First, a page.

Teenagers and young adults who use marijuana may be messing with their heads in ways they don’t intend.
Evidence is mounting that regular marijuana use increases the chance that a teenager will develop psychosis, a pattern of unusual thoughts or perceptions, such as believing the television is transmitting secret messages. It also increases the risk of developing schizophrenia, a disabling brain disorder that not only causes psychosis, but also problems concentrating and loss of emotional expression.
In one recent study that followed nearly 2,000 teenagers as they became young adults, young people who smoked marijuana at least five times were twice as likely to have developed psychosis over the next 10 years as those who didn’t smoke pot.
Another new paper concluded that early marijuana use could actually hasten the onset of psychosis by three years. Those most at risk are youths who already have a mother, father, or sibling with schizophrenia or some other psychotic disorder.
Young people with a parent or sibling affected by psychosis have a roughly one in 10 chance of developing the condition themselves — even if they never smoke pot. Regular marijuana use, however, doubles their risk — to a one in five chance of becoming psychotic.
In comparison, youths in families unaffected by psychosis have a seven in 1,000 chance of developing it. If they smoke pot regularly, the risk doubles to 14 in 1,000. Read more »
*This blog post was originally published at Harvard Health Blog*
Although cocaine use has declined steadily since its peak in the early 1980s, public health officials estimate that about 7 million Americans used the drug at least once last year. Many of these folks are addicted to the drug, and its intense, short-lived euphoric effects mean the addiction is terribly difficult to overcome.
Addiction specialists believe existing treatment paradigms for cocaine addiction can be enhanced by a vaccine that prevents the drug from crossing the blood-brain barrier, thus blunting its euphoric effects. Scientists have worked hard to develop such a vaccine, but have had limited success so far.
About a year ago for example, Thomas Kosten and colleagues at Baylor reported partial success in a human trial of a cocaine vaccine. In that trial, 38 percent of subjects who received all five shots in the vaccine series achieved sufficient antibody levels to blunt the effects of the drug. In that subset, 53 percent of the subjects stopped using cocaine, meaning that overall, the vaccine worked about 20 percent of the time. Read more »
*This blog post was originally published at Pizaazz*
Doctors today are wary about treating chronic pain. One of the main worries is precipitating fatal opioid overdoses. Indeed, according to the CDC, and reported by American Medical News, “fatal opioid overdoses tripled to nearly 14,000 from 1999 to 2006 … [and] emergency department visits involving opioids more than doubled to nearly 306,000 between 2004 and 2008.”
Requiring chronic pain patients to sign pain contracts is a way to mitigate this risk. But how does that affect the doctor-patient relationship?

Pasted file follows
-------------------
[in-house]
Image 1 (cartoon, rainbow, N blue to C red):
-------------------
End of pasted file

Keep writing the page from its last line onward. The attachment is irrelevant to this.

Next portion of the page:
Indeed, a contract is an adversarial tool. Essentially, it states that a patient must comply with a strict set of rules in order to receive medications, including where and how often they obtain controlled substances, and may involve random drug testing. Break the contract and the patient is often fired from the practice. Read more »
*This blog post was originally published at KevinMD.com*
I wish I could say that every patient encounter worked out well, that all my patients went home happy and satisfied. It would be nice, but unfortunately that is not true at all.
There are many patients who present with unrealistic expectations or an agenda which is non-therapeutic, and I am relatively straightforward and unapologetic about correcting patient’s misconceptions about the care that is or is not appropriate in the ED. Unsurprisingly, this often though not always involves narcotic medications.
Which is not to say that I am a jerk. I try to be compassionate, and I try to find alternative solutions, and I have been told that I can turn away a drug seeker more nicely than any other doctor in the department. But when it is time to say “no,” I say “no” firmly and without evasions or excuses. People don’t like to hear that, and all the more so in this “the consumer is king” environment of customer-service culture we foster in the medical industry these days.
So when I do say “no,” as nice as I try to be, some people get upset. Sometimes they escalate. They hurl insults, spit, throw themselves on the floor and throw a fit or feign unconsciousness. Read more »
*This blog post was originally published at Movin' Meat*
The Drug Enforcement Administration (DEA) coordinat[ed] “National Prescription Drug Take-Back Day” this [past] Saturday [September 25th], encouraging people to turn in their unused prescription drugs. The agency hopes the event will help decrease rates of crime and addiction linked to prescription drug abuse, the New York Times reports.
From the DEA press release:
This initiative addresses a vital public safety and public health issue. Many Americans are not aware that medicines that languish in home cabinets are highly susceptible to diversion, misuse, and abuse. Rates of prescription drug abuse in the U.S. are increasing at alarming rates, as are the number of accidental poisonings and overdoses due to these drugs. Studies show that a majority of abused prescription drugs are obtained from family and friends, including from the home medicine cabinet. In addition, many Americans do not know how to properly dispose of their unused medicine, often flushing them down the toilet or throwing them away – both potential safety and health hazards.
*This blog post was originally published at ACP Internist*